Your Minor May Make a Major Difference
The Admittedly Team
Minors may seem small and insignificant, but think again! Adding a minor could give you a major edge in the job market as well as enhance your education, making you the smartest cookie in the room. Yum! Here are some reasons you may want to consider adding a minor:
1. You will be proficient in more than one subject.
If you found that you had a lot of different interests when picked a major, you now have the opportunity to choose another subject to study! These classes will probably fill up your elective space, so choose something you really like to do or something you would love to learn more about.
2. Your minor will speak to your work ethic.
Making the effort to complete a minor, and especially to earn a solid GPA in that minor, sends the signal that you’re serious about your education and about achievement. Anyone (especially prospective employers) would be impressed with the discipline required to succeed in both a major and a minor.
3. You can use a minor to make general majors more specific.
For instance, if your major is Management, you can add a more technical minor to clarify your direction. In terms of your future career, adding a minor could help you discover the path you wish to pursue after graduation.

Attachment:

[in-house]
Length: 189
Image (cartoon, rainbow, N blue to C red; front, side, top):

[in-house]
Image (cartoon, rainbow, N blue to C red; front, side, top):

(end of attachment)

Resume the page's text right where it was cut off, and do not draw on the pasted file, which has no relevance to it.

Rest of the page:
So, now you can see the benefits of adding a minor. But where should you begin when it comes to choosing one? Selecting the right minor should incorporate several factors:
1. Pick a topic that sparks your interest.
It should be a subject that you are willing to master through hard work. This may take a bit of self-discovery because you need to decide which interests are better left alone and which ones ignite your passions.
2. Consider minors that will enhance your major.
Brainstorm topics that could be useful in your field. For example, a Communications major might consider an Interactive Media minor. (With technology and its growing influence on the way we relate to one another, this would add great relevance to a student learning the Communications curriculum).
3. Create a contrast between your major and minor.
Though your major and minor should be correlated, you don’t want to pick something that is too similar to your major. If your major is British Lit, a minor in Education, History, or Economics suggests a well-rounded background. (As opposed to adding a minor in another category of literature).